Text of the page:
1. Where to start ? If you are female then sorry. Perhaps MS Crypticmirror woud help avoid confusion. I have no idea what dox means and so am not askng for you to dox yourself. By stating I have seen eagles and “corbies ” whatever they are attacking lambs hardly puts them on the ” target list ” tacitly or otherwise . As to the spin bit at the end of your comment not sure what that is about but my point remains if you have evidence of sheep farmers shooting birds of prey take it to the police and do some good. SIMPLES.

          2. hector, I know nothing about Mull but it sounds an amazing place, all those pacifist farmers without guns, who wouldn’t harm a fly by the sound of it. However I’m sorry to have to inform you that is not typical of the outside world. It also appears that Ravens, crows and eagles on Mull have adopted atypical behaviour in that they allegedly attack and kill live lambs. I know there’s no point in me attempting to go over the results of my own (or anyone else’s) research into the question of whether Ravens do kill healthy lambs, because on previous occasions you’ve resorted to abusive remarks and casting doubts on my integrity as a scientist, despite not knowing me from Adam. Perhaps the only way to resolve the disagreement is for further independent research to confirm or otherwise my own findings. I’d be more than happy to see this happening. Interestingly all the independent scientific research on the impact of foxes and crows on hill sheep farming have shown no significant losses due to these predators/ scavengers, but I know of only one systematic study (in the UK) similar to my own and those findings were almost identical to mine, i.e. that farmers appear to imagine that the Ravens “descending in droves onto fields of lambing ewes” are actually scavenging afterbirths, or any livestock that inevitably die due to natural causes. There is a handful of cases where the birds have “attacked” lambs or even ewes which are not quite dead, but moribund or incapacitated for various reasons. Any actual losses of healthy lambs to Ravens have not been calculated due to never having been observed (by disinterested parties), but if they happen at all the loss rate must be well under one per cent. In my opinion Ravens deserve the same degree of protection from persecution as currently “enjoyed” by Red Kites.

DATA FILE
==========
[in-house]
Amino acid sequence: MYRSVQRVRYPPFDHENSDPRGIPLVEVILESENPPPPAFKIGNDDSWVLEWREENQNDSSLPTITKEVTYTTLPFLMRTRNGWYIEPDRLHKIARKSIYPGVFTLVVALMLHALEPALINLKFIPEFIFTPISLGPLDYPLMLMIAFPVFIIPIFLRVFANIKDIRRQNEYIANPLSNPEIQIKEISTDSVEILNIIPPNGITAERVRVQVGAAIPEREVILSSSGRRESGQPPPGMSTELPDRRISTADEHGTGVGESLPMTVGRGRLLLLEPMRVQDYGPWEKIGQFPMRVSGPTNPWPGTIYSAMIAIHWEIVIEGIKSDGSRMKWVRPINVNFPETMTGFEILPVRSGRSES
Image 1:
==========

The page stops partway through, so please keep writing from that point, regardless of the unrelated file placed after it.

1. Ed….at the risk of being dissed for going off topic!…I see this as an incredibly important issue – with a wealth of investigations into buzzard [and kite] shootings all over Scotland [and occasionally into England] – I very rarely saw any evidence of shepherds killing raptors – but I did come across keepers doing that on behalf of sheep interests, or at least using that as an excuse. In the past – 1980s and before – shepherds were known to destroy eagle nests in the north and west of Scotland but eagle populations and lack of evidence of destruction shows that that has largely died out…..Why I see this as so important is that shepherds can be our best allies out there, the common enmity between shepherd and keeper can be used to our advantage – they are on the ground every day. Lets not create new enemies please…

                [Ed: Hi Dave, the ‘off-topic’ we were referring to was when Hector comes on this site to bait, and Jack Snipe takes the bait, and then there’s a long tedious session of insult-trading. Been there, done that, enough now]

                1. I could not agree with Dave more on this. One of the best RSPB men we have had on the island the late Mike Madders made a point of visiting and keeping in touch with most of the keepers and stalkers on the island and it helped him do his job big time. In the earlly days of the sea eagles breeding on Mull the first nest sites were known to those working on the ground before the researchers like Mike and our current man Dave Sexton. The only dead sea eagle I know of on this end of the island was reported by and shown to the RSPB by a hill farmer who does not own a gun as I have to shoot injured livestock for him. The “secret” eagle nest at XXXXX XXXXX XXXXX I know about via a shepherd . Had the farmers of Mull been the bloodthirsty lot some on here like to portray them the sea eagle project would have crashed as it would have taken very little effort to end it as it was touch and go for a while and this was before the Mull Eagle watch circus was born. I also know several keepers that are very pro active in conserving wildlife but as this does not fit the model of this site I expect to be attacked for it. As to baiting Jack Snipe [Ed: rest of comment deleted]